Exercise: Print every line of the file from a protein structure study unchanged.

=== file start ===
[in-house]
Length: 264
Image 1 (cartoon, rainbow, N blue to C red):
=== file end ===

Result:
[in-house]
Length: 264
Image 1 (cartoon, rainbow, N blue to C red):